Womxn’s caregiving responsibilities and practices of care interfere with paid work. During Covid-19, this has become even clearer. The findings from the NIDS-CRAM survey show that womxn in the informal economy saw a decrease of 49% in the typical number of hours worked in April 2020 compared to a 25% decrease in typical hours for men. And subsequently, womxn in informal self-employment saw their typical earnings decrease by nearly 70% between February and April 2020.
One of the central features that link the glaring gender inequalities in paid and unpaid work is the privatisation, and invisibility of care in society. The eligibility requirements of the Covid-19 grant are a useful lens to understand the ways in which different needs have been interpreted by the state as legitimate bases for entitlements.
The entitlements working-aged womxn receive are as primary caregivers (the social grants they receive on behalf of the children they care for), and not as citizens in their own right. The Covid-19 grant and the eligibility requirements clearly demonstrate the state’s understanding of gender and womxn’s roles, which are firmly located in the family.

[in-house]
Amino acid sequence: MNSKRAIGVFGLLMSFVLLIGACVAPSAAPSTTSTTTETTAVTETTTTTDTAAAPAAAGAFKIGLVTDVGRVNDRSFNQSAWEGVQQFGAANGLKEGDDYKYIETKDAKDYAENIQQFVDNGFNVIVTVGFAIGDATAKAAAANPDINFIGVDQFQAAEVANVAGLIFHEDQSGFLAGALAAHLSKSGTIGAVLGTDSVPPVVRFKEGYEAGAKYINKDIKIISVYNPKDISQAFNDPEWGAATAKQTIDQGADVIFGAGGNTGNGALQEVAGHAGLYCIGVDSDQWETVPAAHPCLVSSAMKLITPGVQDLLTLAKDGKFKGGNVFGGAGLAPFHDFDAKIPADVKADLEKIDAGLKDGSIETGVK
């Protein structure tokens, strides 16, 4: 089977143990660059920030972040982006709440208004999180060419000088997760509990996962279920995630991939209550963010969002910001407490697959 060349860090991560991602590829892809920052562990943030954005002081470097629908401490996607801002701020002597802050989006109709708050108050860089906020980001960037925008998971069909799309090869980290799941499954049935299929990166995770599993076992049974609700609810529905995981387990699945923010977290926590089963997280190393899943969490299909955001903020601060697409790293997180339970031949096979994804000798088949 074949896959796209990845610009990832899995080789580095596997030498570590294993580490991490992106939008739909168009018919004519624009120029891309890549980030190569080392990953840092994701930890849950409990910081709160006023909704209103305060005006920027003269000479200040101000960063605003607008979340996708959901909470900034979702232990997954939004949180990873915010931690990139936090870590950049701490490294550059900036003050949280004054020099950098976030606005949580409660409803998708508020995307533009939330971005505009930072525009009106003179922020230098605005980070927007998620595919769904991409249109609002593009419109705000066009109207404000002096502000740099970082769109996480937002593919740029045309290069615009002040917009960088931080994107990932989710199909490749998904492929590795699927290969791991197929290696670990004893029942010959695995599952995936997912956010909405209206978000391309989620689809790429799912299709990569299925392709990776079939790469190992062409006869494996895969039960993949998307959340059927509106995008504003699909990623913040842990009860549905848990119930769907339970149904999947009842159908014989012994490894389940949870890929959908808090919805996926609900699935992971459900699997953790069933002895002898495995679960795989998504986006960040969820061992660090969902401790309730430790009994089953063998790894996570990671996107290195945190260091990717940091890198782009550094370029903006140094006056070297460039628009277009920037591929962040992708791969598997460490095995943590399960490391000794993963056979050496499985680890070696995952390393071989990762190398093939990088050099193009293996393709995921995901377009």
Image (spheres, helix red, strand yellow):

The state’s inability to recognise the real cost of care for a child is one thing. The treatment of womxn as caregivers only and not citizens is another, but both highlight the glaring gap between gender equality rhetoric and reality. Womxn’s rights as citizens are being ignored when they are deemed caregivers and not citizens as well.
The cost of the caregiving role has increased in the midst of the pandemic, and now, in addition to that, womxn are being actively discriminated against by the state’s eligibility requirement for the Covid-19 grant. DM/MC
Elena Moore is an associate professor in the Department of Sociology at the University of Cape Town.